Rickshaws pushed into oblivion in Vijayawada

Vijayawada: The brightly-coloured common man's vehicle, Vijayawada rickshaw, which earned the city the name of second Kolkata in India, is being overtaken by autos.

The typical model of a gearless bicycle at the front connected by an extended chain to the axle of the carriage which is curved like a boat underneath having a small bench to seat the passengers and covered with a plastic hood to protect those travelling in it from heat and rain is gradually being replaced by a motor vehicle. Most of the rickshaw-pullers are turning into coolies with autos becoming the common mode of travel.

The rickshaw, which does not cause any pollution, was the vehicle used by the middle-class to ply short distances in the city. There were around 30,000 rickshaws in the city, 24 years ago. By the 90s, the number dwindled to half.

Cars and taxis entered the scene and soon the people began travelling in auto rickshaws. Around 30 unions of rickshaw-pullers are now extinct. According to one of the rickshaw-pullers, there used to be around 40 rickshaw stands with each of them having 20-40 vehicles parked to serve the commuters in the city.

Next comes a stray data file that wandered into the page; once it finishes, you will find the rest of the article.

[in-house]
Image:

The major rickshaw stands used to be at the bus station, Kaleswararao market, railway station, Hotel Ilapuram, Vijay Talkies, Kotthevantena, Bombay Gate centres, Krishna Lanka and Auto Nagar. Now, there is a rickshaw stand only at the Vijayawada railway station.

"Around 30,000 rickshaws used to ply on the roads in the city.covered the city roads. We used to earn sufficiently and run our families," recalls Dudekula Mastan, a rickshaw-puller hailing  from Atkuru village near Madhira in Krishna district. Everyday, he used to wait for the passengers at the railway station with his rented rickshaw. “I pulled rickshaw for 35 years in my life. For 24 years, I did it in the city. Now, auto-rickshaws have replaced our vehicles and many of us are working as labour at construction sites,” he added.

"Now-a-days, only aged people prefer rickshaws as we are reliable," says Yapati Durgarao, a rickshaw-puller who came to the city from Rajahmundry. "We hardly get Rs 150 despite working from early in the morning to evening," he added.

"We like to travel in a rickshaw because rickshaw-pullers help us to sit and also alight. They even respect passengers which is very rare from those driving autos," points out Ramala Antony, a retired station master.

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